In the realm of Bangladeshi football, a conspicuous deficiency exists – the scarcity of cutting-edge technology and resources aimed at elevating the sport. It is a deficiency that has substantially contributed to the nation's struggle to make an impact on the international stage. Fahad, unwavering in his conviction, envisions a transformative shift as the antidote to this long-standing predicament. His vision encompasses the introduction of state-of-the-art technology and data analytics, intended to propel the sport into a new era of excellence. Anchored in this vision is a profound faith in the potency of marketing. Notably, the league has secured the services of esteemed international commentators – Mark Tompkins, Paul Masefield – and recently retired professional footballer Gilly Flaherty. The talent extends further with the inclusion of international stars Karishma Kotak, Laura Esposto, and Sonal Sharma, who will be joining in as presenters.
In contemplating such a formidable line-up, there arise sceptical considerations: can the league sustain such an ambitious undertaking, or will it face an abrupt demise? In response, Fahad acknowledges that, during the initial years, financial losses are likely inevitable. But he perceives them as an investment in a brighter future. He draws inspiration from the successful models adopted by European associations, observing the benefits they are currently reaping.
Additionally, it is worth noting that the WSL's launch, originally slated for an earlier date, has been rescheduled to late November. This decision is underpinned by a host of logistical and strategic considerations, including a desire to secure adequate attention and prime broadcasting slots. Consequently, the move to schedule the league after the ICC Men's World Cup aligns with an ideal timing.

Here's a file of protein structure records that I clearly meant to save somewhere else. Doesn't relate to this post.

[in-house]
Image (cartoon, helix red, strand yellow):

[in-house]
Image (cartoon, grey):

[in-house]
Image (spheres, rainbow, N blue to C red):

The concept is to adopt a grand vision – transform this league into a resounding statement and a spectacle typically reserved for male footballers. Along the way, there are not just occasional speed bumps but rather monumental mountains to conquer in order to succeed in orchestrating an event of this magnitude. Fahad readily acknowledges these challenges, but his unwavering determination is truly commendable.
The steadfast support of the Bangladesh Football Federation has played a pivotal role, with the national association contributing its invaluable expertise. A collaborative effort is crucial for the league's sustainable future, and the BFF is wholeheartedly aligned with the proposed plans for the WSL. Informed fans are poised to rally behind the league. Our home international matches have consistently drawn substantial crowds, reflecting a shifting mentality in how we perceive women's football, thanks to our recent successes.
On the other hand, it is disheartening to witness professional clubs reluctant to venture beyond their comfort zones and back their female athletes. Similarly, some corporations have failed to grasp the broader vision, fixating on short-term monetary concerns instead of aligning their actions with their stated support. It is important to remember that, while there may be initial setbacks, one can leap higher only by first bending lower.
Come what may, the WSL will proceed, poised to serve as the catalyst for a new era in women's football in Bangladesh. To those who underestimate the magnitude of this remarkable endeavour, to those who shy away from the risks of lending their support, a simple truth beckons: greatness is born of audacity. Failure to rally behind our female teams now would only widen the gap separating us from those who currently lead the way. We all have a shared dream: to one day witness our players gracing the biggest stages of football.
Raiyan Binte Rafiq is a sports columnist for The Daily Star. She is currently pursuing an LLM, while freelancing for INDIVISA. She also oversees recruitment at Next Level Sports Management.
Views expressed in this article are the author's own.